UFC Japan is looking to book Shinya Hashimoto for their 11/23 show. If Hashimoto is going to shoot, PRIDE makes much more sense because the pay will be a lot better and his match will get a lot more hype/publicity. Also, Antonio Inoki is already associated with the PRIDE shows.


UFC XXVII 9/22 New Orleans, La UNO Lakefront Arena
This was easily the best UFC since last September's show in Louisiana with the classic Frank Shamrock vs. Tito Ortiz match.

Pedro Rizzo defeated Dan Severn by ref stop at 1:32 of round 1. This was the worst Severn has ever looked. He was unable to take Rizzo down, and couldn't make Rizzo respect him so Rizzo felt comfortable striking him at full force every time. Severn tried a bull charge early, but Rizzo did a matador like move, sidestepping and actually using Severn's momentum to take him over. Rizzo would have nothing to do with the mat though. Severn never really committed to the shoot. He tried several times to come in with fakes and feints, but Rizzo just backed up until Severn stopped then started moving toward Severn to regain his ring positioning. Rizzo's offense was basically three kicks. The first was a high kick that only grazed Severn, which was lucky for him or it would have been a repeat of Yvel vs. Goodridge. The next was a low kick to the inside of the right knee that put Severn down. Finally, Rizzo did a second low kick to the same spot, injuring Severn (his knee seemed to pop or go out in some way). Severn went down because he couldn't put any weight on the knee anymore then McCarthy stopped the fight. It wasn't boring, but it was more sad than enjoyable.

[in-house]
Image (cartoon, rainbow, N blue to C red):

Maurice Smith beat Bobby Hoffman by a split decision after three rounds. This was very similar to Smith's legendary win over Mark Coleman both stylistically and for match quality. Hoffman is the opposite of a technician, but he had 40 plus pounds on Smith and a big strength advantage. Also, Smith is a notorious slow starter since he wins on superior conditioning, and Hoffman is a guy that comes at you with everything he has in the early minutes hoping for the quick win. Smith could not stop a fresh Hoffman from taking him down, and it did not look good for him when Hoffman had passed his guard less than 1 minute into the round. Smith is as good as anyone at dodging punches from his back, and this is really what saved him because even when Hoffman had dominant position, he wasn't able to hurt Smith with his ground and pound. He did win the first round easily, but Smith made Hoffman burn a ton of energy in the process. Smith's unique ability to stand up against the fence played a big part here. Hoffman would be on top, but Smith would squirm against the fence, which is normally where the guy on top wants you because the lack of room to move negates most ground defense, get into a sitting position and then stand right up. In the second minute of the round, Smith took over with blows to the body, but Hoffman eventually spit his mouth piece so he could get a breather. Smith then totally lost his advantage as he had nothing to stop Hoffman's swinging bull rush, so Hoffman wound up getting him against the fence and planting him with a double leg takedown. Due to almost all of Hoffman's offense during the round coming in the last two minutes, this round could have gone to Hoffman even though Smith edged him, IMO. Round 3 was all Smith. He worked from the inside, landing repeatedly to the stomach and the thighs. Smith's hardest punches were uppercuts, which bloodied Hoffman's cheek and knocked his mouthpiece out. Smith was picking Hoffman apart in Ernesto Hoost like fashion, but unlike Hoost, these days Smith lacks to power to get the knockout. Hoffman was totally gassed, lacking the energy to do anything that would put some fear back into Smith or slow him down in any way. On the other hand, although Smith was totally dominant, Smith didn't have the burst or explosiveness to put a flurry on Hoffman that could lead to the much needed KO or ref stop. If the match was five rounds, Smith would have won easily because Hoffman would have collapsed by then. However, by not being able to finish Hoffman, Smith would have lost had the more of the judges given Hoffman the 2nd round. I definitely enjoyed this fight the most on the show, and consider it better than Kondo's fight.